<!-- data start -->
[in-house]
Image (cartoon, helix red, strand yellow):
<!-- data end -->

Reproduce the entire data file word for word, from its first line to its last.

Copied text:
[in-house]
Image (cartoon, helix red, strand yellow):